40 years later, there is no federal law in Canada requiring a national identity card, but the social insurance number, introduced in 1964 only for the ostensible purpose of facilitating payment of unemployment insurance and pension benefits, is required on an amazingly large number of forms that Canadians fill out. Because of concerns about identity theft--a term that wasn't part of the popular vocabulary until the last 10-15 years--photo identification is required for many credit card transactions, although that usually takes the form of a driver's license issued by a provincial government. Until at least 2000, if my name was on the voter's list, I could vote in federal or provincial elections just by showing up at the poll and giving my name. Now I have to provide proof of my identity: one piece of photo ID, or two pieces of ID without a photo, both of which have my name, and at least one of which contains my address.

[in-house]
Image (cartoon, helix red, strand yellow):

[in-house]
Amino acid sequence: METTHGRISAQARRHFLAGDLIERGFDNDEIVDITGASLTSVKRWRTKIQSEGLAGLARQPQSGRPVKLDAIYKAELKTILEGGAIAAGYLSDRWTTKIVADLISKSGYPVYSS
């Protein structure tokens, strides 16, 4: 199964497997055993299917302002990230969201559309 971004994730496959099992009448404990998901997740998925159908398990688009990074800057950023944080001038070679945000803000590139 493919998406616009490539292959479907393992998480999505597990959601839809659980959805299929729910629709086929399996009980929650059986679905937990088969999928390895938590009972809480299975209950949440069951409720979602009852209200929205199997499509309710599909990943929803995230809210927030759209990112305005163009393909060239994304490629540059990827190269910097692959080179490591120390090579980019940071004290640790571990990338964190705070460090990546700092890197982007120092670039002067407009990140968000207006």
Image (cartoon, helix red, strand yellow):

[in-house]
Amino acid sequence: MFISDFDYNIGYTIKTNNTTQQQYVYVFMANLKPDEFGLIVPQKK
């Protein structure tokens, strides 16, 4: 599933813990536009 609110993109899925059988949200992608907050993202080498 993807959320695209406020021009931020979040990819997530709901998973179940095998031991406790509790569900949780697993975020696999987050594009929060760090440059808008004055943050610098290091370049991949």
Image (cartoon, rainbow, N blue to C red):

I agree with Mr. Blakely when he says that Mr. Leblanc's bill would probably have passed if it had been introduced a year earlier, in the midst of the FLQ crisis--just as, in 2001, the PATRIOT Act was passed by the United States Congress and signed into law in the wake of the terrorist attacks of 9/11. Perhaps it was in the providence of God that a bill calling for a national identity card didn't come up for debate in Canada until the immediate crisis had passed, and the need for such a measure seemed a lot less urgent. If Mr. Leblanc's bill were to be introduced in 2011 or 2012, it would probably pass both houses of Parliament--and I suspect that it would be introduced and be most enthusiastically supported by the "Conservative" government of Prime Minister Stephen Harper. Time will tell if we ever see such a law in Canada.